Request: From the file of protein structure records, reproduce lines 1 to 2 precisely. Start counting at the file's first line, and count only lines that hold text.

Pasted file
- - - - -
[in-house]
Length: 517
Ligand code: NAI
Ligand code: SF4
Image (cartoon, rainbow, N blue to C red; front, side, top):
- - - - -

[in-house]
Length: 517